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Stuart McDonald (37), of Dyce, Aberdeen, was the solely appointed director of Northern Motors (Aberdeen) Limited from September 2013 having first been appointed a joint director in June 2007.

Incorporated in 2006, Northern Motors traded as a car dealership in Dyce, Aberdeen while also offering repair and maintenance services.

But 10 years later, Northern Motors ceased to trade in August 2016 shortly after an Enforcement Order was granted to Aberdeen Trading Standards (ATS) against the company in connection with several breaches of the Enterprise Act 2002.

The Enforcement Order required Stuart McDonald to stop acting against the interest of customers and was granted in connection with complaints about Northern Motors received by Aberdeen Trading Standards over a two-year period between September 2014 and 2016.

Complaints included selling vehicles to consumers while finance remained outstanding, failing to honour payments to consumers and neglecting to provide the appropriate DVLA registration documents at the time of the sale.

Further examples of misconduct included the sale of illegal goods in terms of applying for incorrect registration plates and failing to register the transfer of vehicles to DVLA.

North Yorkshire Trading Standards also pursued legal action against the sole director, Stuart McDonald, to which he pled guilty in April 2016 to the allegations that he had caused the company to trade in harmful practices.

Northern Motors was later liquidated in June 2017 following a Winding-up Order and the matter was referred to the Insolvency Service to investigate Stuart McDonald’s conduct while a director of the company.

Investigators discovered that in August 2016, just after the Enforcement Order was obtained, Stuart McDonald caused Northern Motors to dispose of a property worth £265,000 to a connected party. This payment was not only detrimental to Northern Motor’s creditors but also resulted in the insolvency of the company.

While some money from the proceeds of the property sale was paid to the company’s bank and to clear a loan, £116,000 was paid directly to Stuart McDonald’s bank account. While, Stuart McDonald claims more than £87,000 was paid to Northern Motors’ creditors, the company’s lack of accounting records means he cannot verify the payments.

Furthermore, Northern Motors owed at least £80,000 in tax and a further £111,000 to its creditors.

On 29 January 2019, Stuart McDonald signed a disqualification undertaking, which was accepted by the Secretary of State, and effective from 20 February 2019, Stuart McDonald is banned for seven years from directly or indirectly becoming involved, without the permission of the court, in the promotion, formation or management of a company.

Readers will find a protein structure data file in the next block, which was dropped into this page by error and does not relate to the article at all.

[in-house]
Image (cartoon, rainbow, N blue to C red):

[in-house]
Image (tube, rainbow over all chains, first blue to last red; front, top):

Robert Clarke, Chief Investigator for the Insolvency Service, said:

When directors do not comply with legislation that is designed to protect customers, and avoidable losses occur, the Insolvency Service will fully investigate the circumstances and take action where appropriate.

In this case, a significant number of customers have been left out of pocket as a result of Mr McDonald’s disregard of protective legislation and it is appropriate that his disqualification is for a significant period of time.

Notes to editors

Stuart McDonald is of Dyce, Aberdeen and his date of birth is January 1982

Northern Motors (Aberdeen) Limited (Company number SC304494).

A disqualification order has the effect that without specific permission of a court, a person with a disqualification cannot:

  • act as a director of a company
  • take part, directly or indirectly, in the promotion, formation or management of a company or limited liability partnership
  • be a receiver of a company’s property

Disqualification undertakings are the administrative equivalent of a disqualification order but do not involve court proceedings.
Persons subject to a disqualification order are bound by a range of other restrictions.

The Insolvency Service administers the insolvency regime, investigating all compulsory liquidations and individual insolvencies (bankruptcies) through the Official Receiver to establish why they became insolvent. It may also use powers under the Companies Act 1985 to conduct confidential fact-finding investigations into the activities of live limited companies in the UK. In addition, the agency deals with disqualification of directors in corporate failures, assesses and pays statutory entitlement to redundancy payments when an employer cannot or will not pay employees, provides banking and investment services for bankruptcy and liquidation estate funds and advises ministers and other government departments on insolvency law and practice.
Further information about the work of the Insolvency Service, and how to complain about financial misconduct, is available.

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The Insolvency Service

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Contains public sector information licensed under the Open Government Licence v3.0. This article first appeared on the website. View the original article HERE.

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